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My friend is building a small open-source project with a few convenience functions. He'd like to release both JS, PHP and Python versions of the package to npm, packagist and pypi. The main part of the package is just data that can be shared, so the actual code to translate is very small.

Should I recommend him to build three different Github repositories (js-theproject, php-theproject and py-theproject), or a single repository that contains all three folders and a separate "data" directory?

As I see it, the advantage of using a single repository would be to keep track issues in a single place, and no worries about updating the data file in multiple places or making releases in multiple places. The advantage of using three repositories would be to make it more clear what language the packages are intended for, and make it easier for those who search for "js [solve what the package solves]" to find the repository, both in github and google, so some kind of SEO.

I tried to find other projects that have solved this problem, but it seems most small projects are released for just a single language.

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  • I am failing to see any good reason to have three separate repositories, and the very obvious downside of trying to keep the data in sync between the three repositories. Could you please edit your question to explain what you think the advantages of this approach would be? Commented Jul 13, 2022 at 12:08
  • I am not so experienced so to me it is not obvious. I added sentences about what I see as the advantages, does it look right?
    – Anna
    Commented Jul 13, 2022 at 12:13
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    One idea too small to be an answer: have you considered to provide the data online and let the different implementations download it when it changed? That way, you don't have to update the software packages when only data has changed. Commented Jul 13, 2022 at 18:41

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It doesn't really matter which approach you choose. Both using a monorepo and separate repos are reasonably common approaches.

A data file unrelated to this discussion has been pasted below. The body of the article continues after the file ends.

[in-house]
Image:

Keeping all variants in a single repository is definitely simpler to manage, and updating the data is straightforward. It is also straightforward to make cross-cutting changes, such as changing the data format and all dependent software in one go.

But there are some downsides with tooling, e.g. if language-specific tools expect some configuration to exist in the top-level directory of the repository. If you have an automated test suite or a CI server, you may be re-running tests for all languages even only code for one language changed. This might also complicate contributions for a single language's version. It may be unclear how version numbers for the packages relate to versions in your source control system. As a problem specific to GitHub, the releases page will also be a mess.

Having separate repositories for each language is definitely more complex, but also more flexible. Each package can be developed independently, and it's easy to version the packages separately.

Downsides are greater effort for updating the data. You can keep the data in a separate repository and integrate it as a git-submodule. However, a git-submodule references a specific commit – you'd have to update all dependent repositories to point to the updated version. This turns a single data update into an O(n) effort, though using a bot to automatically generate the necessary pull requests can reduce the human effort here. Alternatives like git-subtree that copy the data into each repository aren't any easier either.

Another downside is the difficulty of making cross-cutting concerns across all versions. It is possible that less popular packages lag behind and do not get new features.

While both approaches are good, they have distinct and largely opposite benefits/downsides. You can therefore decide by thinking about typical usage patterns:

  • If data updates are frequent but code changes are rare, consider a single repository.
  • If data updates are rare but code changes are frequent and independent, consider a separate repository per package.

This is not an either/or-solution. It is also possible to start with a single repository, and to spin out individual packages as they mature into an independent project.

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  • Thank you very much amon! Your clear summary of the trade-offs helped me a lot.
    – Anna
    Commented Jul 13, 2022 at 19:04

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